WASHINGTON (Reuters) - It may have been the most unpopular House of Representatives in modern times, but that did not stop voters on Tuesday from leaving it firmly in Republican hands, according to projections.
While more than 18 incumbent House members from both parties were defeated, according to results available early on Wednesday, there was no obvious ideological or partisan pattern. Redrawn districts, as a result of the 2010 census, were responsible for some incumbent losses.
The results might disappoint those who had hoped for new and clear marching orders from voters on such issues as the deficit or immigration. Instead, they will get another divided Congress with deep divisions over pressing economic issues.
A contented House Speaker John Boehner told party faithful at an election-night rally that he and fellow Republicans had "offered solutions and the American people want solutions and tonight they responded by renewing our House Republican majority."
While Boehner said he would work with "any willing partner," he warned political opponents that he would continue battling Democratic moves to raise taxes on the rich.
"With this vote, the American people also made clear there's no mandate for raising tax rates," Boehner said.
The results could mean at least two more years of divided U.S. government as Democratic President Obama won re-election over Republican Mitt Romney and Democrats were projected to retain control of the Senate.
With the projected Republican win in the House, the partisan brand of politics the party practiced for the past two years appeared not to have seriously damaged its brand.
When the new House is sworn in next January, it will look much like the House that nearly brought about government shutdowns and a historic default on debt in 2011.
Sarah Binder, a senior fellow at the Brookings Institution, said Republicans could now be situated to hold their majority in the House for quite some time. She spoke of a "structural advantage" the party holds "because of the way Republican voters are spread out over the country ... with strength in suburban and rural areas."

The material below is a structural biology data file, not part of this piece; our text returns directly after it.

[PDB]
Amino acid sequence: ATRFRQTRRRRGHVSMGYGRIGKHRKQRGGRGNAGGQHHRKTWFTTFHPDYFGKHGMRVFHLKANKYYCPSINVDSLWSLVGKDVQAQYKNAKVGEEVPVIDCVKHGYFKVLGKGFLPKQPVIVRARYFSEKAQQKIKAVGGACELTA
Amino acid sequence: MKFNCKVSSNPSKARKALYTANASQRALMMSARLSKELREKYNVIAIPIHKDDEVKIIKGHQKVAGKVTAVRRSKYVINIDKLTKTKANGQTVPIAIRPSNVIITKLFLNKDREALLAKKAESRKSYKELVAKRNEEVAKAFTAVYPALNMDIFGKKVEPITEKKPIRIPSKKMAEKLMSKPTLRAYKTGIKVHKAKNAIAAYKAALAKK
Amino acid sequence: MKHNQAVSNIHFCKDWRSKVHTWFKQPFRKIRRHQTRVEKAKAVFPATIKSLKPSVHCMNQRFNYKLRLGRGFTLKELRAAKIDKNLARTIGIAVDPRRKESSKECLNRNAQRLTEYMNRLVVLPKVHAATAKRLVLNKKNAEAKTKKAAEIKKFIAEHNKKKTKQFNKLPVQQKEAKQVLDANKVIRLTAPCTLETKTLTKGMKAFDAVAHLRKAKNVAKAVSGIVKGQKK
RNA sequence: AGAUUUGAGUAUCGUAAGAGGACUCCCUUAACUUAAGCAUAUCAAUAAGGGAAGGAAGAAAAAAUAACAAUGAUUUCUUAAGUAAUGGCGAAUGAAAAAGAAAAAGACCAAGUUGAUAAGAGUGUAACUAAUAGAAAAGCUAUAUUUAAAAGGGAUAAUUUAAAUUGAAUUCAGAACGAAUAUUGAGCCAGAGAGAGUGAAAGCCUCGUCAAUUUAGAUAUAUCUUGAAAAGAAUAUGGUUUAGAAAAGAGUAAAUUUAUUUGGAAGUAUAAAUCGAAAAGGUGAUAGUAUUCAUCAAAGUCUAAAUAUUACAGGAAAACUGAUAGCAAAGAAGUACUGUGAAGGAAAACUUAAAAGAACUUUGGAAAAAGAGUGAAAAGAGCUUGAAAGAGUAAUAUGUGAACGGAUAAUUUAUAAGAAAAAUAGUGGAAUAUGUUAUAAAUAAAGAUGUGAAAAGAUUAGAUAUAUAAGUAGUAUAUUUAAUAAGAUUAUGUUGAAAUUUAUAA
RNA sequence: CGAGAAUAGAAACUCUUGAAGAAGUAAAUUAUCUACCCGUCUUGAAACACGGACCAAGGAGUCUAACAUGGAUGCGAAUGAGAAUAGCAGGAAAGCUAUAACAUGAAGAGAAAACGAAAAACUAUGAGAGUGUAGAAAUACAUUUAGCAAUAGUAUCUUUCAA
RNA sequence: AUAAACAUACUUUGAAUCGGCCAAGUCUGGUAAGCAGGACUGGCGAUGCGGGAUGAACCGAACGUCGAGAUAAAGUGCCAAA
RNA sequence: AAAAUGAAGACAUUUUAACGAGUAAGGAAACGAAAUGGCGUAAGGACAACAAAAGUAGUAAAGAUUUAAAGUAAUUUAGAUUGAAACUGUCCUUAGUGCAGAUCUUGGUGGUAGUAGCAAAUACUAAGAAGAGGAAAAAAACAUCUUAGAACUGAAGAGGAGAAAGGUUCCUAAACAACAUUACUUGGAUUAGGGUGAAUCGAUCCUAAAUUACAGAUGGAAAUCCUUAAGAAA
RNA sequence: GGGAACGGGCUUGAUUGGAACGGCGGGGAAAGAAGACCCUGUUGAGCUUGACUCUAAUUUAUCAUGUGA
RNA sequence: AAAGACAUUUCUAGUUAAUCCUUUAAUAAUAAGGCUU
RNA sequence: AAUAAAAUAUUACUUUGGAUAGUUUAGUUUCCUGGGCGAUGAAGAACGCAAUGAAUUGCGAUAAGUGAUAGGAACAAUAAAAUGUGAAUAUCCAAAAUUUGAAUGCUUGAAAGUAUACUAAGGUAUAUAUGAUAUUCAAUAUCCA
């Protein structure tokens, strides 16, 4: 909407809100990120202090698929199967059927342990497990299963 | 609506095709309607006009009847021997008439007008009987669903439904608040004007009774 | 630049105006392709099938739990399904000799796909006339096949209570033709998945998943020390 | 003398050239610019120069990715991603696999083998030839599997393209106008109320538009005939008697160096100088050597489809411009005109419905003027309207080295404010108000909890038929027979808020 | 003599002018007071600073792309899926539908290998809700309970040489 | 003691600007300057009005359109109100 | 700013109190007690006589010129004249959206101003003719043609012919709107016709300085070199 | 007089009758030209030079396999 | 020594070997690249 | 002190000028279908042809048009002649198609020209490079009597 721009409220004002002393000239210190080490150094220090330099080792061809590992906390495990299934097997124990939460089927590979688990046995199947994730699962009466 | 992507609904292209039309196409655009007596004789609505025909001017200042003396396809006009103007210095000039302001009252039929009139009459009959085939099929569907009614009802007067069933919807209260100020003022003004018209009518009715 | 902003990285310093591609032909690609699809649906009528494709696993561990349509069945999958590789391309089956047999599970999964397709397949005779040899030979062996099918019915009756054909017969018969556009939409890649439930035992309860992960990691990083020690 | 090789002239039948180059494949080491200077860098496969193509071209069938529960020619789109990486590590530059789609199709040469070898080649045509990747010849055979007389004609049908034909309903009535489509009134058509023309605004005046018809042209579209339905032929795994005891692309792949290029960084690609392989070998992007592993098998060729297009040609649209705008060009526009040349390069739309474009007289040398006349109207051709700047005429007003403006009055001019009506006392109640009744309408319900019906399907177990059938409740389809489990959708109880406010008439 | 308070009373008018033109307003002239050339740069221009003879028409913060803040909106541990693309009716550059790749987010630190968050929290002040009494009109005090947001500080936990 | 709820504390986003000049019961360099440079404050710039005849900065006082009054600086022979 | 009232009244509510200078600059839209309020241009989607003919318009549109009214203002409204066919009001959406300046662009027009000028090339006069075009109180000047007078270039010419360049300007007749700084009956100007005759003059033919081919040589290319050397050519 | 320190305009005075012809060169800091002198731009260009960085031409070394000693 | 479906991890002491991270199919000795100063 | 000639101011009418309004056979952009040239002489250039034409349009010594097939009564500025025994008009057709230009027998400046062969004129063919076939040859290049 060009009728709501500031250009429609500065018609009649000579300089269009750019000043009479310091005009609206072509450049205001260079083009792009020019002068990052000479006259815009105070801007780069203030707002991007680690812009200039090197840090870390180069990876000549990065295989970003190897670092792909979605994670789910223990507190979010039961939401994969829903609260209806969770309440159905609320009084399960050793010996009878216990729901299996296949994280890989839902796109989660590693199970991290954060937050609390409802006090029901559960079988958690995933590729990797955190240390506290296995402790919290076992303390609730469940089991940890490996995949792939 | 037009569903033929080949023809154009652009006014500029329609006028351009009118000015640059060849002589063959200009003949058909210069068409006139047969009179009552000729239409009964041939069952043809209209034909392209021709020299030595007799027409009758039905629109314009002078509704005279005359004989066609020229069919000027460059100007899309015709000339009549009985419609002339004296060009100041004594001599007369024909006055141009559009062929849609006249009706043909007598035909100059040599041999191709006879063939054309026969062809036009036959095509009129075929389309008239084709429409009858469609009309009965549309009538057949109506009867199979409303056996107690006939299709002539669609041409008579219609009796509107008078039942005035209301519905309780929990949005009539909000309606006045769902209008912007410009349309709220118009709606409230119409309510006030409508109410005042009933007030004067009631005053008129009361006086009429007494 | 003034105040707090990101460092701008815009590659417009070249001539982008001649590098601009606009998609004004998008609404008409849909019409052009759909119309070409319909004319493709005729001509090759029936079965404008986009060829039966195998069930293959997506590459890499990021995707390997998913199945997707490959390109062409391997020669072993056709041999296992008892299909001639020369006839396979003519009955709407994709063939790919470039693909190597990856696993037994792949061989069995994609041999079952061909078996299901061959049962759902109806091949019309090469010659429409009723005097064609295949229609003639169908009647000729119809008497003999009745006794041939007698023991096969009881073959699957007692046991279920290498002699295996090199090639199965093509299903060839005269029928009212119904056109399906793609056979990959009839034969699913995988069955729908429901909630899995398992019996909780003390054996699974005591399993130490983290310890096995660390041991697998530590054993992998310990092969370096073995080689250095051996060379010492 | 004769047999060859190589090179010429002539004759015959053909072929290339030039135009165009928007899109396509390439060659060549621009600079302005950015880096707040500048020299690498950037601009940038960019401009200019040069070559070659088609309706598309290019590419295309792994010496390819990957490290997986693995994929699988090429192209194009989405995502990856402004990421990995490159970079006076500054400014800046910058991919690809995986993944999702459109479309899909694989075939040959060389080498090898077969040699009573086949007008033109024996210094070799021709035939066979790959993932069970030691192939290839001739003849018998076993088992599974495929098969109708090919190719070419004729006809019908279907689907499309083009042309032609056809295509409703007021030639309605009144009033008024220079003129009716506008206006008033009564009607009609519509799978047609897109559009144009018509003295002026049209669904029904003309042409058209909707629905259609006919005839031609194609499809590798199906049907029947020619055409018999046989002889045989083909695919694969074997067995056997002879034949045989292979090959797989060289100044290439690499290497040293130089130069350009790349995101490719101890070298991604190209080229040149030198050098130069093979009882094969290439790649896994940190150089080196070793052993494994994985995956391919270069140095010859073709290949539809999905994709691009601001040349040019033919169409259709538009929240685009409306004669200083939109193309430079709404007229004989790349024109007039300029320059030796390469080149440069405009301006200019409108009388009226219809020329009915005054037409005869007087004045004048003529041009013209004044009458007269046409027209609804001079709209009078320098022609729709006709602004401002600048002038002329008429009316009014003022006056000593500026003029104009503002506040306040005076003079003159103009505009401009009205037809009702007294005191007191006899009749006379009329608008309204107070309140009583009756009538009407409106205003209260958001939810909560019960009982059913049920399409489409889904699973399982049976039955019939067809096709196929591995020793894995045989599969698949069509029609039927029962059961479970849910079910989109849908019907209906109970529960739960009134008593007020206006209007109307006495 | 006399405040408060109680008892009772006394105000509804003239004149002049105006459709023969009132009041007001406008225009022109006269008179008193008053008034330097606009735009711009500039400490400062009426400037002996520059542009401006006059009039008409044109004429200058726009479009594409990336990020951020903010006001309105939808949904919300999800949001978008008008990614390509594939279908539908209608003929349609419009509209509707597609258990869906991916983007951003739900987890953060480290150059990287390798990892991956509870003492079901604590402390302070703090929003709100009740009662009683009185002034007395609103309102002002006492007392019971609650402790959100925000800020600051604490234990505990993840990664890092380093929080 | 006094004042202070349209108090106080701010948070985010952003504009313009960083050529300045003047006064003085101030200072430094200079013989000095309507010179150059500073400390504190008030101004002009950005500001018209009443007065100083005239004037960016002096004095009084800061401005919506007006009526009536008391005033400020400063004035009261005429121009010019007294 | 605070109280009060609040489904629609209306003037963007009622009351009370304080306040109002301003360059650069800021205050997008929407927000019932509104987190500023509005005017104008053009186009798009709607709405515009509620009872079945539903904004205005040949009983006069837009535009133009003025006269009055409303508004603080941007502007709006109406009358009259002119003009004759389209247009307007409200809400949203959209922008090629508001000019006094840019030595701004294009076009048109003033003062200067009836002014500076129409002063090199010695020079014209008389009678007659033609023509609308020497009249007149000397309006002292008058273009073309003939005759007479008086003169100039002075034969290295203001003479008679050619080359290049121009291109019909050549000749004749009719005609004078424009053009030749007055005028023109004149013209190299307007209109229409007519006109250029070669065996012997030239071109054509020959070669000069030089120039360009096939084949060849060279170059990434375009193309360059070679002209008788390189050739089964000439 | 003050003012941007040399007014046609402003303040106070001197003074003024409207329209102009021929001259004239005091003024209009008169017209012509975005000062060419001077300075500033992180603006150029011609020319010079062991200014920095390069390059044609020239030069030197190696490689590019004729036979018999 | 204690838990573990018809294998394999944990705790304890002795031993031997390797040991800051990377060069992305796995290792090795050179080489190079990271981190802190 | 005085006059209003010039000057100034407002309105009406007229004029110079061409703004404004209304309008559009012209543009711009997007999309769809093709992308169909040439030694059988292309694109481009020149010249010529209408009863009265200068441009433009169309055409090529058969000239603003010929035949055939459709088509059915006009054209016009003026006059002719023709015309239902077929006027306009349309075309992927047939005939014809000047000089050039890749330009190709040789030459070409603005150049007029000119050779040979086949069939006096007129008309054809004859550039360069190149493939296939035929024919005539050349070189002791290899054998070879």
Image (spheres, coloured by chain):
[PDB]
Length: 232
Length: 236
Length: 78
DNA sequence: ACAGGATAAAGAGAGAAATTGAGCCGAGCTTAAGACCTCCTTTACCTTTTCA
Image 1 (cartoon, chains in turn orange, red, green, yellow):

Binder added that unexpected "wave elections," such as the ones that swept Democrats into power in the House in 2006 and Republicans in 2010, while not the norm, could interrupt a party's long run in the majority.
The bitter partisanship in the 435-member chamber - a thorn in Obama's side - was thought to have contributed to record low public approval ratings of Congress that at one point dipped to 10 percent.
If voters did not like the overall tenor of Congress for the past two years, they seemed to remain satisfied with their individual members.
Election results were still coming in, but it appeared as if Boehner would preside over a House next year that is close to the 240 Republicans and 190 Democrats who now populate the chamber. Currently, there also are five vacancies.
With the outcome of several races still unknown, Republicans were holding at least 226 seats to the Democrats' 173.
But Republicans no longer will represent any northeastern U.S. congressional districts, the Capitol Hill newspaper Roll Call reported. Republicans did, however, beef up their presence in southern states, the newspaper said.
FISCAL DEALMAKING AHEAD?
"The upshot is that the voters are saying to President Obama and Speaker Boehner: 'Go back to the bargaining table; finish the deal,'" said David Kendall, a senior fellow at Third Way, a centrist think tank in Washington.